Despite considerable optimism with a good start a year ago, two young trees have made disappointing progress this spring. The Wheel tree (Trochodendron aralioides) and Korean Sweetheart tree (Euscaphis japonica, below) both suffered minor injury in late freezes, and I am hopeful this setback is temporary. The Sweetheart tree grew considerably in the second half of last year, so there’s hope, but I suspect the Wheel tree is finished growing for the year. It is healthy, but I expected (wished for) more than a few inches of growth.
My patience is often tested by new plantings, particularly when planting tiny trees. While I read that small trees quickly catch up and are a better value than beginning with more substantial plantings, I find the opposite to be true. Three recently planted trees, a variegated redbud, a ‘Yellowbird’ magnolia, and an ‘Oshio beni’ Japanese maple, all nearly ten feet in height, have leafed fully and weathered a period of spring drought with minimal care. The magnolia was damaged by the freezes but rebounded quickly.
A small Siebold magnolia (Magnolia sieboldii) planted early in spring will take years to grow to match the ‘Yellowbird’, and with the considerable expense of buying through mail order the price was not so different. Still, I could not obtain the Siebold magnolia, or the Wheel or Korean Sweetheart trees from garden center sources, so I do not complain.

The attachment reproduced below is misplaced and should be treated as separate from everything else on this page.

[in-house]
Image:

Plants overwintered in the greenhouse and the basement have rebounded splendidly from their hibernation, though two elephant ears are slower recovering than usual. Of course, it is my care that is to blame, with a bare minimum of attention (and water) provided.
Greenhouse grown hyacinth bean and blackberry lily (Iris domestica, aka Belamcanda, above) seedlings have been recently moved into the garden. The non-hardy hyacinth beans will flower in summer, and this is my first try with blackberry lilies grown from seed, but I’m told with an early start they can join others in the garden to flower by midsummer.
Seeds will be harvested from both again in autumn. I look forward to increasing the number of blackberry lilies each year, and of course I was able to share several pots with each of our sons. The seedlings remain quite small despite their start in late winter, but I expect only that these will survive and provide a delightful display a year from now. Flowers sooner will be a bonus.